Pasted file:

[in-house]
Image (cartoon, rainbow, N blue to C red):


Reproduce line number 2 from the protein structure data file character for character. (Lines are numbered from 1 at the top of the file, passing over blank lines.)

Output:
Image (cartoon, rainbow, N blue to C red):